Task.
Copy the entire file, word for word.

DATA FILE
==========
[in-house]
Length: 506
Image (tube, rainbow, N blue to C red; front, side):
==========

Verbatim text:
[in-house]
Length: 506
Image (tube, rainbow, N blue to C red; front, side):